By Deborah Atwood, Curator

History | December 22, 2023

Reading time: 4 minutes

As the chilly weather nudges us to snuggle up by whatever heat source we can find (for me, it’s a trusty space heater, my dog Wednesday and my cats Mac and Sammy since I’m fireplace-less), memories of those spooky campfire ghost stories from my Brownie days come rushing back. It might seem odd to talk about ghost stories with Christmas just around the corner, but it’s actually a classic English and American holiday tradition. Those eerie tales that used to dance around the fire had a real depth, nudging us to ponder time’s essence, the whispers of the past, and the hushed secrets of what’s to come.

Bermuda has its own collection of spine-tingling folklore and ghost stories, as recorded by Florence W. Maxwell, John Cox, Mac Musson, and Joan Skinner. Some of these tales even tie into Christmas! Take, for instance, the story of Captain Gilbert who was often at sea but returned home to his family at Belfield, Somerset for Christmas until one fateful year when a spectral vision of him is all that returned. The phantom visage implored his wife Elizabeth to move the children to Elizabeth’s family home, East Side House overlooking Cavello Bay, where presumably she would be comforted when news of his fate reached her. And then there’s a story that kind of winks at the classic “Jingle Bells” tune – my heart goes out to all parents who endure the constant loop of that song this time of year!

“Jingle Bells” might today conjure up images of sleigh rides through snow-covered landscapes or a portly fellow in a red suit cruising the night sky. But Bermuda’s version has its own twist, veering toward the ghostly. Picture this: the echoes of phantom carriage bells lingering near Mount Saint Agnes long after cars took over from horse-drawn carriages. Surprisingly, those bells weren’t an omen of doom. Nope! They were seen as good luck charms. Whoever heard those spectral chimes was said to be blessed, supposedly destined for a long and joyous life, despite any danger or illness lurking around.

Lingering on Cedar Avenue near Mount Saint Agnes c 1900.

The tradition of Christmas ghost stories traces its roots through the ages, finding resonance in cultures worldwide. However, it gained particular prominence during the Victorian era when tales of spectral visitations became intertwined with the holiday season. Charles Dickens’ timeless classic, A Christmas Carol, is perhaps the most recognisable example of this tradition, narrating the transformation of Ebenezer Scrooge through ghostly encounters that unravel his past, illuminate his present, and forecast his future.

Anyone who knows me is probably not surprised that watching A Christmas Carol is one of my favourite Christmas traditions with The Muppet’s Christmas Carol and Bill Murray’s modern day adaptation, Scrooged coming in at the top. I will also remind anyone who doesn’t already know that Bermudian Michael Frith was the Design Consultant on The Muppet Christmas Carol.

Ghosts in these narratives don’t merely spook; they serve as conduits for introspection. They confront protagonists with their own narratives, prompting self-reflection, and fostering empathy. Scrooge’s spectral visitations aren’t just haunting; they’re revelatory, unveiling the repercussions of his actions and awakening his dormant humanity.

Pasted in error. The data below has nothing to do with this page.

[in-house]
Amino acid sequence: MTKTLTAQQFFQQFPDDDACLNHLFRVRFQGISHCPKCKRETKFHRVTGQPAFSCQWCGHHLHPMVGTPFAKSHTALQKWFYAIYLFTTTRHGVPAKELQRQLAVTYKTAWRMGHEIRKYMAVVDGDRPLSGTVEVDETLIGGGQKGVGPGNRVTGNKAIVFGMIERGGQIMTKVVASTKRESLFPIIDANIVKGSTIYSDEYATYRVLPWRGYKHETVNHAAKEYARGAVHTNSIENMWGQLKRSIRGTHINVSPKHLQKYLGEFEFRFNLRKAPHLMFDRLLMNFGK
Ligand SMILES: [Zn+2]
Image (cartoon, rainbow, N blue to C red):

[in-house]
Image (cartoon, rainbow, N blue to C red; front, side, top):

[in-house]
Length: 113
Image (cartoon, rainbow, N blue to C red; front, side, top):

In a similar vein, Frank Capra’s film It’s a Wonderful Life echoes this sentiment. George Bailey’s encounter with Clarence, his guardian angel, offers a poignant reflection on how our actions reverberate through time, impacting not just our present but also shaping the future.

The tradition of Christmas ghost stories dovetails seamlessly with the Winter Solstice, December 21, the longest night of the year. As ancient cultures marked this celestial event, they acknowledged the turning point in the year, a time to delve into introspection, and embrace the promise of renewal. It’s a time when darkness gives way to light, metaphorically illuminating the paths of retrospection and foresight.

Interestingly, the National Museum of Bermuda’s Family Scrapbook project embodies this spirit of reflection. Through photographs and stories, it stitches together fragments of personal histories, inviting us to delve into the past, understand our lineage, and discern the threads that weave our present.

Photos, much like ghosts in stories, capture fleeting moments frozen in time, allowing us to peek into the past. They serve as portals, transporting us across the epochs, enabling us to witness the narratives that shape our existence. Coupled with stories, they enable us to comprehend the past’s nuances and appreciate its relevance to our present.

In a world swept by the rush of modernity, these traditions remind us of the value in pausing, reflecting, and embracing the lessons of yesteryear. As the New Year beckons, it stands not just as a marker of time but as an invitation for introspection, a moment to assess our journeys and chart paths for the future.

This Christmas, as we gather with loved ones and revel in the festivities, let’s take a moment to revisit those family photos. In taking this moment to share the stories of loved ones we’ve lost over the years we might find ourselves not just enjoying a moment with the family around us but enriched by those no longer with us—illuminated by the lessons of the past, grounded in the present, and poised to script our future tales.

So, as the fire crackles (or the space heater hums) and the night draws near, let’s weave our own narratives, embracing the spirits of reflection and cherishing the timeless wisdom these stories impart. If you find yourself digging through the family photos and writing down those family stories, I encourage you to share them via our Bermuda Family Scrapbook page.

Happy Holidays from everyone at NMB!

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